Drums Diagram


Assembling the Drum-kit

When you purchase a drum kit from most retailers, they will include kit set-up, or they will offer to do it for you for a small fee. However if you are keen to try it yourself, please see our tutorial link listed at the bottom of this page. It’s important to set up your kit correctly in order for it to work to it’s full capacity and to keep the various parts in good working order.

You will need a pair of drumsticks – size 5A or 7A (see below for more information) and a practice pad – both of which are available from your local music store or can be purchased online.


Choosing the right pair of drumsticks

There are a huge range of sticks available and it can get confusing for people when confronted with a wall of sticks in the shop. Sticks come in standard sizes and then each manufacturer will have custom sticks in their lines as well. The standard sizes do have a little variation between manufacturers but in general they’re much the same.

For a primary school aged student, having smaller hands we’d recommend a 7A size stick. They have a smaller tip, are thinner and a little lighter. They could also use a 5A stick where those dimensions are just a little bigger. We feel anything bigger than a 5A is going to be a bit big.

At this point it might be good to look at this stick size chart so you know what we mean:

Drumsticks Sizes Chart

The other variable with sticks is the material the tip is made of. You can get a wood tip, where the tip is just part of the stick. Or a nylon tip, where a plastic tip is attached to the stick. Professionals would always choose a wood tip because they sound better, but for a student a nylon tip might be more durable.


Rudiments for beginners

Holding Drumsticks

Rudiments or sticking patterns form the building blocks of any beginners technique. Rudiments are set patterns between the left and right hands that teach young drummers skills that they can later apply to their drum kit and percussion playing.

Four of the most basic rudiments for beginners to start with are single and double stroke rolls, flams and single paradiddles. Practice your rudiments with your drum tutor to build strength, speed and evenness in both hands.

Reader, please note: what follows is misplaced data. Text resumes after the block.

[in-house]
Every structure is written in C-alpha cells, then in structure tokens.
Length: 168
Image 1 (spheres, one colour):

See our videos below for some examples of rudiments.


Buying a drum-kit

When you first start learning drums, you can practice on a practice pad at home. You will mainly be focusing on your technique and reading music. Once you have been playing for six months, you will need a drum-kit to practice co-ordinating your hands and feet.

There is a range of acoustic drum-kits and digital drum-kits that would be suitable. Student drum-kits are usually priced around $500 and are a great next step. Electric drum-kits are a great option if you have a small space or noise restrictions where you live, as they are more compact and can be played with headphones.


The sounds of the Drums

From Beethoven to Bolero, Led Zeppelin to Nirvana, the drummer commands the stage. There are so many sounds in the world of percussion playing. You might be dinging a triangle or striking a bass drum at the back of an orchestra. Maybe you’ll enjoy the deep sounds of the timpani drums. Or maybe you just want to be a rock star! The drums have it all!


Helpful videos and tutorials

We also have our own YouTube Channel, where you can find a collection of useful videos and tutorials.